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Old 04-24-2013, 05:31 PM
Katie C. Katie C. is offline
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Default bias -variance graph

How is the gray zone of the bias-variance plot (slide 15/22 in Lecture 8) drawn? I am trying to understand how to compute bias(x) and var(x). Are these quantities illustrated in the graphs?
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Old 04-24-2013, 06:00 PM
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yaser yaser is offline
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Default Re: bias -variance graph

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Originally Posted by Katie C. View Post
How is the gray zone of the bias-variance plot (slide 15/22 in Lecture 8) drawn? I am trying to understand how to compute bias(x) and var(x). Are these quantities illustrated in the graphs?
The grey zones' height is the square root of the {\bf var}(x) (square root to match the scale of other elements in the graph). To calculate {\bf var}(x), evaluate the formula in slide 8 of that lecture. You can do that analytically by evaluating the expected value, or you can do that using Monte Carlo method; generating data sets {\cal D} at random, evaluating the part inside the expectation for each {\cal D}, then averaging these quantities over a large number of {\cal D}'s.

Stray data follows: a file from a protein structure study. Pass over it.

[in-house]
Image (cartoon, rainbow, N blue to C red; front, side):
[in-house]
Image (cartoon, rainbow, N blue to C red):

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Old 04-25-2013, 06:36 PM
Katie C. Katie C. is offline
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Default Re: bias -variance graph

As I understand it, the g{\cal D}(x) is a function that was learned from a training data set and is now being evaluated on a new set of x values, is that correct? In fact, I think that all the red xs on slide 8 are from new data that was not used during training. Is that correct?
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Old 04-25-2013, 06:39 PM
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Default Re: bias -variance graph

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Originally Posted by Katie C. View Post
As I understand it, the g{\cal D}(x) is a function that was learned from a training data set and is now being evaluated on a new set of x values, is that correct? In fact, I think that all the red xs on slide 8 are from new data that was not used during training. Is that correct?
You are correct on both counts. If you pick the test point x at random, it's statistically certain that it will be different from the two points you used for training.
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